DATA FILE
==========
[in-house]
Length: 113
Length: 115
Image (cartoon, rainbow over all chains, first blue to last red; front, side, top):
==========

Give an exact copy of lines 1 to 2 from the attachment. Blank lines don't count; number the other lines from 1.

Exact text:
[in-house]
Length: 113